This August, Boise State University's student club Greenspeed will use vegetable oil in hope of breaking the existing 215-mph world land speed record for all vehicles in the diesel truck classification, including those that burn traditional fuel.

Greenspeed from Greenspeed on Vimeo.

Their first attempt will be during Speedweek at the Bonneville Salt Flats in Utah. 
Greenspeed's souped-up 1998 Chevrolet S-10 pickup truck shattered the existing 98-mph record for vegetable oil-fueled vehicles in November with a run of 139 mph on a dry lake bed called El Mirage in the Mojave Desert at a Southern California Timing Association race. The next day, the team broke its own record with a run of 155 mph.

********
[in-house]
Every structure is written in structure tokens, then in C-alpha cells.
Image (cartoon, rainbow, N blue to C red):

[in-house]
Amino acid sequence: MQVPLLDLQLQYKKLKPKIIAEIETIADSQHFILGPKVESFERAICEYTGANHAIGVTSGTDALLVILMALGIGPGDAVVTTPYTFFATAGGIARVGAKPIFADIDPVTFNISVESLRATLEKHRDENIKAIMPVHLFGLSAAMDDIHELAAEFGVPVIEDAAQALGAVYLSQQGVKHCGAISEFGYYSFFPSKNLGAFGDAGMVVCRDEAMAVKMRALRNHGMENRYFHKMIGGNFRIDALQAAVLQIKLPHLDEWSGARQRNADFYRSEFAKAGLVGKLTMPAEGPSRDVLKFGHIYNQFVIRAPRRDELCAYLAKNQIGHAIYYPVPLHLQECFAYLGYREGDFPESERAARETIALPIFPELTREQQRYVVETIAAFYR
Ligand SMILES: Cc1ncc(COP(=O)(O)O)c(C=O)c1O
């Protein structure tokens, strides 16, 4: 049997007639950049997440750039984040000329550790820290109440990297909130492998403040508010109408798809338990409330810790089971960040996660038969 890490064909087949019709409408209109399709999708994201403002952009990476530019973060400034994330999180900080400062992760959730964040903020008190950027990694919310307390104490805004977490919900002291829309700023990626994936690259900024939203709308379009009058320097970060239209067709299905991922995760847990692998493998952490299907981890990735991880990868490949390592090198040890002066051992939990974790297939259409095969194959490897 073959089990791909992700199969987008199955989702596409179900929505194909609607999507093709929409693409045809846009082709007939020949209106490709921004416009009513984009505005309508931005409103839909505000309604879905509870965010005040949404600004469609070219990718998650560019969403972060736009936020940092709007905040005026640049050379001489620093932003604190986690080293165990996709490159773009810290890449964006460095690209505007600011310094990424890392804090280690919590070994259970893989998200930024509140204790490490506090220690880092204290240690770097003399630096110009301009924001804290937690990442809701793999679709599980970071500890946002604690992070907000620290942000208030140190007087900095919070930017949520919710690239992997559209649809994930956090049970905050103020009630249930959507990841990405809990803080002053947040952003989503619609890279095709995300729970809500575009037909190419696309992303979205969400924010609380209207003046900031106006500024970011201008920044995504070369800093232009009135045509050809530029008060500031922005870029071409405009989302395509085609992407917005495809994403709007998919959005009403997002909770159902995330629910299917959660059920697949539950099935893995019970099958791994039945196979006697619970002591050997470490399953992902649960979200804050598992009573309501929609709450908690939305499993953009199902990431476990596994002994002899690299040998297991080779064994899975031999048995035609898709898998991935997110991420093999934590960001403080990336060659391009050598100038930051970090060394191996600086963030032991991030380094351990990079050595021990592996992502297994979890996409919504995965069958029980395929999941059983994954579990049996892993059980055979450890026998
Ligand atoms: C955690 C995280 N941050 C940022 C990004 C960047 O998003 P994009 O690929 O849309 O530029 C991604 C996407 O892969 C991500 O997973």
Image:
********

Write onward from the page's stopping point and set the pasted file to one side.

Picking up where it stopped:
The project was designed to demonstrate the potential of vegetable oil as an alternative to traditional petroleum fuel products.

"Greenspeed is leading by example to show that you don't have to sacrifice performance for sustainability," says Mark Rudin, vice president for research and economic development at Boise State. "A truck that goes 200 mph on vegetable oil is hardly a practical machine, but it plays a critical role in dispelling persistent myths that there is something magical or special about petroleum. Sustainable fuels can be good fuels."